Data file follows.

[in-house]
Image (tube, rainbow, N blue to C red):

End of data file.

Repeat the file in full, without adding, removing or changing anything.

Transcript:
[in-house]
Image (tube, rainbow, N blue to C red):